Too much Diversity Training...

inclusiveleadership How are you developing your inclusive culture?

...not enough Inclusion Development

I had the pleasure recently of delivering our updated Diversity and Inclusion workshop to an audience of Human Resource professionals. We approach diversity and inclusion as a leadership development process as opposed to a program event. Introducing this through the workshop we realized this approach was new to many of the participants. It’s been known for ages that leadership training, while important, does not change attitudes and behaviors in and by itself. Millions of dollars have been spent to develop organizational leaders only to see little or no return because it was merely training disguised as development.

In a simple formula we use in our coaching practice, we discuss the moving parts of leadership development; Skills, Knowledge and Attitude. We define skill as what to do and how to do something relevant to the job. For leaders, skills (hard and soft skills) such as how to set and achieve goals and how to listen are some we regularly encounter. Knowledge is knowing when and where to effectively apply these new skills. For leaders, this can only be accomplished in the context of their role as a leader and repeatedly practiced over time. Attitude is the want, or desire, to leverage the skills and knowledge to advance the organization. Without the want, the how, what, when and where doesn’t work well!

It is also one of the key reasons why the business community still struggles with inclusion. Many would proudly hold up their diversity training programs as evidence their leaders are doing the right thing. However, history tells us the hard truth that a one-hour workshop done once a year (maybe twice if an event happens) on the importance of diversity did nothing to improve the overall attitudes towards diversity. Unfortunately, most of the training workshops did little to speak of the real issue, that of inclusion. I recently responded to a LinkedIn post where one of the posts stated senior leaders are afraid of diversity. My reply was they were not afraid of diversity, they are afraid of inclusion!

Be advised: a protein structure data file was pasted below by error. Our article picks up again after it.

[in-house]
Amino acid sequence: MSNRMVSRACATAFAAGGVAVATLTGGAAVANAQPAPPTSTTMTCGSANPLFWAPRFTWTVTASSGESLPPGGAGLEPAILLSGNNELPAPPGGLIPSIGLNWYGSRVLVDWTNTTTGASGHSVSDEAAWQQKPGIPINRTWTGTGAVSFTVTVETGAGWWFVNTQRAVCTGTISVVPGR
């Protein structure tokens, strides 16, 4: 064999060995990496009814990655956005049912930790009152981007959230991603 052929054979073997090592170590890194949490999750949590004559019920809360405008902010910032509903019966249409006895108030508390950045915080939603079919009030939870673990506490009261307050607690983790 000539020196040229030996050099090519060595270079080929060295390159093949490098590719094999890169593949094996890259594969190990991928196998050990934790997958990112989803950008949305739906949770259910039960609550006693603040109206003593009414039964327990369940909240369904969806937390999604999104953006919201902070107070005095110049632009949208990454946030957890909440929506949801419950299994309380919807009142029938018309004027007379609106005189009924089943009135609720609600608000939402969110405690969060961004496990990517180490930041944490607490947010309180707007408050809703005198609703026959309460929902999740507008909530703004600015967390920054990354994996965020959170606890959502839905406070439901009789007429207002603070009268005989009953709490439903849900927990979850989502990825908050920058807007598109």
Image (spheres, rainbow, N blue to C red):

There is a Verna Miles quote that aptly explains the difference between diversity and inclusion that goes, “Diversity is getting asked to the party. Inclusion is being asked to dance.” So, if inclusion is the desired end result, how do leaders develop the right attitudes towards inclusion to create an inclusive culture? The answer is simple, get serious about developing the leader’s attitudes around inclusiveness by rethinking the challenge as an event and reframe it as a process. Without an attitude of inclusion, the organization stews in the status quo of its own comfort zone!

We train skills and develop attitudes. We define attitude as one’s habit of thought which means leaders have a choice of how to think about inclusion. Research suggests the strength of the attitude-behavior connection lies in how strongly a person relates to the new attitude. Because every leader is a product of their past, the challenge is helping leaders understand the importance of inclusion that transcends their past programming. This can only be done through an effective leadership development process where inclusion, among other leadership skills, knowledge and attitudes are reinforced in the context of the organizational environment and culture.

Why do we care? In her 2016 book, “Which Two Heads are Better Than One? How Diverse Teams Create Breakthrough Ideas and Make Smarter Decisions”, Juliet Bourke highlights the potential impact of an inclusive organizational culture. Organizations with inclusive cultures are twice as likely to meet and exceed financial goals and six times more innovative and agile. Especially in these challenging times, what organization couldn’t benefit from those multiples?

How are you developing your inclusive culture? If you don’t know, we can help!

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Monday, 30 November 2020